If you have school-age kids, one of the best things about summer is a break in the daily routine. No alarm clocks, no homework, no racing to make it to school before the first bell.
But there’s one routine you should hold firm to, no matter what time of year: Eating healthy dinners together.
You’ve probably heard that eating as a family has a strong impact on kids’ physical and emotional development. A good example is the research that has shown time and again that eating together can reduce childhood obesity.
In one study, kids who had regular family meals ate more fruits, vegetables and fiber and less fried food, soda and harmful fats. Another study found kids who ate dinner with their family were less likely to be obese as young adults. The reason? They learned healthy habits early — and they continued to eat more fruits and vegetables once they were on their own.
The benefits of the family dinner table aren’t just related to the food. It’s also a safe place for kids to share what’s going on in their lives, and find out about yours. If you have trouble getting the conversation going, try these ideas.
Research also shows that kids and teens who eat with their families have better academic performance, higher self-esteem and lower risk of substance abuse, teen pregnancy, depression and eating disorders.
Even with all those good reasons to gather around the table, it can be overwhelming for some families to make it happen. Maybe you work all day and don’t feel you have time to cook. Or you can barely boil water, let alone get a full meal on the table.
Well, you can relax. Here are a few tips to get you from the doorway to dinner in no time!
Keep It Simple
You are not cooking for the judges on “Chopped,” so go easy on yourself. Grill some chicken breasts and veggies or make sloppy Joes with ground turkey. The freezer section at your local grocery store is filled with a variety of steamable vegetables. Make a package of broccoli, then sprinkle with Parmesan cheese and serve as an easy and delicious side dish.
It‘s well worth taking a half hour on the weekend to plan the coming week’s meals. Make sure you have all the ingredients in the house so you don’t have to shop during the workweek. It’s much easier to give in and order takeout after a long day at work if you don’t have a plan. Check out How to Stock a Healthy Refrigerator for tips on keeping your fridge filled with ingredients for easy, healthy meals.
Once you have your menu and ingredients, figure out what you can do ahead of time. Chop the vegetables you’ll need in the next few days. Even better, let older kids do some of the chopping. They’ll learn a valuable skill and you’ll get more time together. Brown the ground turkey and grill the chicken, then refrigerate until you need them. Make marinara sauce or turkey chili and refrigerate or freeze. Important note: Make sure you know how long it’s safe to keep cooked foods in the fridge.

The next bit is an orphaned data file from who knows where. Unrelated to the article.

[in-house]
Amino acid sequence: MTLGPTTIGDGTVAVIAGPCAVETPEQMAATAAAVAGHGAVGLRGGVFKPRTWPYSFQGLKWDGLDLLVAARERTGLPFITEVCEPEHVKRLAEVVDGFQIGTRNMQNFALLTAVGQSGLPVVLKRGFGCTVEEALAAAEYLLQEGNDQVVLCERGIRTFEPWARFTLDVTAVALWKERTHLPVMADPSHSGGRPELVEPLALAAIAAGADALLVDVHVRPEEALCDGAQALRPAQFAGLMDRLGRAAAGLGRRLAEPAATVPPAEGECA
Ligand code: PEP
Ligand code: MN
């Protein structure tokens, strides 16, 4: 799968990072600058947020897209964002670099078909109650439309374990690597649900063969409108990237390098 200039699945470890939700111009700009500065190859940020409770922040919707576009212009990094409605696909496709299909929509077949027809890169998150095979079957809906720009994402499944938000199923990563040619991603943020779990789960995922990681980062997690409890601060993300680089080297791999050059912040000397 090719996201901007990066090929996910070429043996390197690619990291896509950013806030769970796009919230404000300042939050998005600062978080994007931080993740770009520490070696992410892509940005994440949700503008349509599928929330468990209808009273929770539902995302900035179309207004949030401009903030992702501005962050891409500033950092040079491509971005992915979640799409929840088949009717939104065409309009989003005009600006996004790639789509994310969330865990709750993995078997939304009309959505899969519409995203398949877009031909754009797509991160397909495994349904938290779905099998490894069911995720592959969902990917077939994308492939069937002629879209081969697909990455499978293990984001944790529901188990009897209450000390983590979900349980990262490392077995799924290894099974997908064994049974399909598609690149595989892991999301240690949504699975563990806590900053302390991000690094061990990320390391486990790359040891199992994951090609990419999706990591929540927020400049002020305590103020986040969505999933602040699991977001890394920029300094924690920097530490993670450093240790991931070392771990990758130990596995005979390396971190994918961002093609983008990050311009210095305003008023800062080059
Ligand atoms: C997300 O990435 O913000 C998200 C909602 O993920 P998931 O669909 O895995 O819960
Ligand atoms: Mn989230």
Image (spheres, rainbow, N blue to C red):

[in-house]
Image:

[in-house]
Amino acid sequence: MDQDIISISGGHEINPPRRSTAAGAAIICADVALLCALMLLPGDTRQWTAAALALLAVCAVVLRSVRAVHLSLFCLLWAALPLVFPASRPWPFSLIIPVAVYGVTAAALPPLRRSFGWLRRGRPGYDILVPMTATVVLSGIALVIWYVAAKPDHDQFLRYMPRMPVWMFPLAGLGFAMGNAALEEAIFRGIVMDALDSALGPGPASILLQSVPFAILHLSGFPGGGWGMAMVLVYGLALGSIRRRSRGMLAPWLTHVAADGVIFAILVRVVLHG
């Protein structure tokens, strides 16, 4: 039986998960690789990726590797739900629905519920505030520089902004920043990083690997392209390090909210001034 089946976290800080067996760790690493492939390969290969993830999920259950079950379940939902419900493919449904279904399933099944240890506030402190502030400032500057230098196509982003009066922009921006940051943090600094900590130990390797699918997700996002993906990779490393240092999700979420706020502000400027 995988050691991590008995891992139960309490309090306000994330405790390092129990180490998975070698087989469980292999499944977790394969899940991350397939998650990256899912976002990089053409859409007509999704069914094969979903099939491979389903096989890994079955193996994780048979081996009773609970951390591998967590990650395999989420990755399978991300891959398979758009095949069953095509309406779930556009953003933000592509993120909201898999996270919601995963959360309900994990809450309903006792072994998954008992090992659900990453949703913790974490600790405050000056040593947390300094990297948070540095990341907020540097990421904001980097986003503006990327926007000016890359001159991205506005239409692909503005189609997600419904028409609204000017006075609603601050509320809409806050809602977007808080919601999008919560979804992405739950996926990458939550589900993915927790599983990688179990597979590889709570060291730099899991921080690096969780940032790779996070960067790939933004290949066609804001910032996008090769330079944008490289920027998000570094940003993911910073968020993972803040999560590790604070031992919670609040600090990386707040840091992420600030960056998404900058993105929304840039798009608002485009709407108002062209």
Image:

Dinnertime should be a highlight of your day, not something to check off a list. Make sure your table is clutter-free. Use nice glass plates or pretty paper ones. Set the table with festive placemats and cups. Perhaps most important, make sure everyone silences their smartphones and other devices and stores them in another room. Family time should be sacred time.
A final note: Even the best-laid plans go awry. A meeting at work runs late or practice goes an extra half hour. When those things happen, give yourself a break. It’s OK to eat pizza or hot dogs around the table occasionally. The most important thing is that you’re eating together.
Find healthy eating tips and recipes on the web. This Healthy Eating Plate diagram, available in over 20 languages, can help you make better nutritional choices. The Food Network offers healthy, kid-friendly recipes and videos. And learn how to get your kids involved in meal prep using this handy guide.
Sources: The Protective Role of Family Meals for Youth Obesity: 10-Year Longitudinal Associations, The Journal of Pediatrics, 2015; Family Meals During Adolescence Are Associated with Higher Diet Quality and Healthful Meal Patterns during Young Adulthood, Journal of the Academy of Nutrition and Dietetics, 2007; The Importance of Family Dinners, The National Center on Addiction and Substance Abuse (CASA), 2007; The Family Dinner Project; Healthy Eating Plate, Harvard University School of Public Health, 2011; Healthy, The Food Network; Getting Kids in the Kitchen, National Institutes of Health